One of the results of my articles is that Kikuyus and non-Kikuyus alike are always trying to pigeonhole my political leanings. On the negative side I have what I call ‘dedicated haters’: a group made up of individuals associated with Central Kenya’s status quo politics of rallying my Agikuyu community around the ‘Uhuru-For-President’ banner. This group is convinced that I am on payroll by Uhuru’s rivals to wreck their agenda.
On the positive side I have attracted a considerable following among the independent-minded Kenyan across the tribal and social spectrum. These are the individuals who believe that we must break the political monopoly that most of our current politicians are desperately taking us back into as they prepare for 2012. They are therefore convinced that I am on the right path for calling for credible alternatives to compete for our votes in the various regions.
What has stuck out however is how both groups believe that I must be an ODM supporter. It seems that to some, local wisdom dictates that you cannot fight against status quo politics, especially the Central Kenya version, unless you are running an ODM agenda.
The truth however is a lot less exciting. I am not a member of ODM, and I will share my reasons why I have not joined this party, in the context of my home region.
My first reason is unmitigated fears. Right at the top of my list of concerns is the whole idea of the ’41 vs 1′ political campaign that ODM is perceived to have run in 2007, which directly and indirectly led to the 2007-08 Post Election Violence (PEV). Then there are the recent public appointments where the party seems to have a problem with any qualified candidate as long as they are Kikuyu.
These and other concerns are unconfirmed indications that an ODM government might not wish us well. I hope that ODM sees the need to engage us on these fears soon otherwise we will have to accept that we should genuinely be afraid of an ODM-led government.
My other concern is based on my expectations. I just cannot seem to see an ODM agenda for Central Kenya. This is interesting because when one watches ODM in action in any of the other seven provincial regions of Kenya one hears about their policies on equitable resource distribution, justice, representation of the weak and historically disenfranchised, etc. However, and I am again ready to be corrected, ODM somehow seems to have no such policies for Central Kenya.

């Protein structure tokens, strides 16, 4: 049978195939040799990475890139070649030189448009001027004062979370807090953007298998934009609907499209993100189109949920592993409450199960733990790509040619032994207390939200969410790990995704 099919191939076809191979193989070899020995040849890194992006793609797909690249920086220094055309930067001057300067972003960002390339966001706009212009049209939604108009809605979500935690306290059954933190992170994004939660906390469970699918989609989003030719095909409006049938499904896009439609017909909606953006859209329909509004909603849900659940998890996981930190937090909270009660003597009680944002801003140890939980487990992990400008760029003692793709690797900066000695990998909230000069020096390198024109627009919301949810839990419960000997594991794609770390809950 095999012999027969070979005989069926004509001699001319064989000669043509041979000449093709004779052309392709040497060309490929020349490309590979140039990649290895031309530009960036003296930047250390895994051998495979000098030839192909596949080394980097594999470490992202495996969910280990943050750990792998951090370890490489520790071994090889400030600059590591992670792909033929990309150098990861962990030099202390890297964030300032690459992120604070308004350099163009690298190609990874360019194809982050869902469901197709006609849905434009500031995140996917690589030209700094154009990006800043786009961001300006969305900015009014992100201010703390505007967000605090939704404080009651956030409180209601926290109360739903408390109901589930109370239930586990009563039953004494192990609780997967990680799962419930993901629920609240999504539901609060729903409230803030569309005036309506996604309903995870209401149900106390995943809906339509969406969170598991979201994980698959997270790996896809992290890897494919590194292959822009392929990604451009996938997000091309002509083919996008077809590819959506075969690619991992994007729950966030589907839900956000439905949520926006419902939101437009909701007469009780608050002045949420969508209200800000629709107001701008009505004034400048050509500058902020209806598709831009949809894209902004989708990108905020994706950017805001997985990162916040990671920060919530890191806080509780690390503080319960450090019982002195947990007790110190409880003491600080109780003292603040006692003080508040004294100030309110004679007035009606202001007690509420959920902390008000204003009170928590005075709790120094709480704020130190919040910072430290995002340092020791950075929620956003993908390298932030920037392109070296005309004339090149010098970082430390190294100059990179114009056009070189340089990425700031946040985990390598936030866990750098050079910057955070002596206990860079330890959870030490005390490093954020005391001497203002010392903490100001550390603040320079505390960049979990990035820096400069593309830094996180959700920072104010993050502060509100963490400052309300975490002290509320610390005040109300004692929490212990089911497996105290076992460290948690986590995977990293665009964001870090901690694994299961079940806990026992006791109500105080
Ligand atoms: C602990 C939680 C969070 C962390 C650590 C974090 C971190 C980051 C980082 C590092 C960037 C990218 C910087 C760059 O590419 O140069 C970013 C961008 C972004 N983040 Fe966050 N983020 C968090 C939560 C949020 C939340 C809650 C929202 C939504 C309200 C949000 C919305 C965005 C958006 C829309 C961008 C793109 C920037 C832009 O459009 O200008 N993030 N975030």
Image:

The impression I get is that ODM expects support from the region as a form of gratitude because Raila said ‘Kibaki Tosha’, or maybe as prove that we are not tribalists! Unfortunately this will not work because we are more interested in the future and ODM’s challenge is to show us a future that is better than what we have now.
What the party might also be interested in learning is that my interactions with opinion leaders in the region indicate that my views above represent a wide majority from the region. I should also advise them not to be fooled by the hype that is political rallies: anyone with resources can mobilise a crowd of even 100,000 in a country with high rates of poverty and unemployment.
One hundred thousand people in a room, even assuming they were all voters, is actually less than two percent of the entire five Million voters in Central Kenya! As of right now all these votes are in our pockets, and they will go to the party and candidate that best meets our fears, and surpasses our expectations. This they can take to the bank.
This is the new politics that comes with the new constitution. We, as the voters, are now in charge. Apart from the few lost souls who will vote with their surname, i.e. along tribal lines: and the other few who will vote with their stomachs, i.e. for the person who gives them the most money: majority of Kenyans will vote with their heads, i.e for whoever offers the best solutions to their life needs. This is the silent majority that know their vote is their negotiating currency for better services from their government.
We are the voters whose votes do not belong to any tribal king, warlord or charlatan: and who will not vote based on fear, or gratitude. We will vote as the holders of Kenya’s sovereign power as per Chapter 1 of our constitution. Incidentally the points above, with a slight twist as regards context, can be applied against PNU in Nyanza: or UDM in most regions in the country. Parties like Narc-Kenya, Safina, etc seem to have a head-start in this new kind of politics, and hopefully ODM-K will catch up. After 2007 we now know that each party to invest in reducing our fears, and then share their policies, everywhere.
Whatever the case all parties and candidates should be informed that our votes will go to whoever draws us the best and most positive picture of how Kenya would look like under their government, whatever their tribal, class, or religious background: whatever their age or gender.
This is ‘Siasa Mpya’ and we, the Kenyan voters, are in charge. (You can join in the Siasa Mpya Campaign by writing to firstname.lastname@example.org)